More than ten years after the adoption of the UN Guiding Principles on Business and Human Rights, this book critically reviews the achievements, limits and next frontiers of business and human rights following the ‘protect, respect, remedy’ trichotomy. The UN Guiding Principles acted as a catalyst for hitherto unprecedented regulatory and judicial developments.
The monograph by Macchi proposes a functionalist reading of the state’s duty to regulate the transnational activities of corporations in order to protect human rights and adopts a holistic approach to the corporate responsibility to respect, arguing that environmental and climate due diligence are inherent dimensions of human rights due diligence.
In the volume emerging legislations are assessed on mandatory human rights and environmental due diligence, as well as the potential and limitations of a binding international treaty on business and human rights. The book also reviews groundbreaking litigation against transnational corporations, such as Lungowe v. Vedanta and Milieudefensie v. Shell, for their human rights and climate change impacts.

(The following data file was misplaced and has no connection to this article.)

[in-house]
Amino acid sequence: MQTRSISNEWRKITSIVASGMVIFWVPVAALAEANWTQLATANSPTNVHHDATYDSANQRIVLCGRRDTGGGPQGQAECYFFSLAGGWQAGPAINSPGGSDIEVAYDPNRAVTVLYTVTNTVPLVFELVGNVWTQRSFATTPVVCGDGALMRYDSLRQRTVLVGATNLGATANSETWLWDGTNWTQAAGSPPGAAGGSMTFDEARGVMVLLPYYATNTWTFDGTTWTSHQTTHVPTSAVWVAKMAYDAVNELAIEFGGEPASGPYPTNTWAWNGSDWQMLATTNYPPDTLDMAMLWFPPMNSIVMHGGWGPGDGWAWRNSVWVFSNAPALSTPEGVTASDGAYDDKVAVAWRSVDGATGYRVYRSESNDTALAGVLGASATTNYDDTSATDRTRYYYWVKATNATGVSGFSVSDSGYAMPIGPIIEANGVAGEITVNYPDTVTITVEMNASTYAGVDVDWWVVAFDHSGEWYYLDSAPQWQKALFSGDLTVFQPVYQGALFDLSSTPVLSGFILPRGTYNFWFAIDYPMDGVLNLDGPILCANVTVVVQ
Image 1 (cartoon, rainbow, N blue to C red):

The book is primarily targeted at academic and non-academic legal experts, as well as at researchers and students looking at business and human rights issues through the lenses of legal studies (particularly international law and European law), political sciences, business ethics, and management. Additionally, it should also find a readership among practitioners working in the public or private sector (consultants, CSR officers, legal officers, etc.) willing to familiarize themselves with the expanding areas of liability, financial and reputational risks connected to the social and environmental impacts of global supply chains.
Chiara Macchi is currently Lecturer in Law at Wageningen University & Research in The Netherlands.
Specific to this book:
- Unpacks the most important developments 10 years upon the adoption of the UN Guiding Principles on Business and Human Rights
- Addresses the environmental and climate change onus on business as inherent to the corporate responsibility to respect human rights
- Addresses complex issues in a clear language, making it an up-to-date and comprehensive tool for both research and teaching
With a foreword by Prof Olga Martin-Ortega, Professor of International Law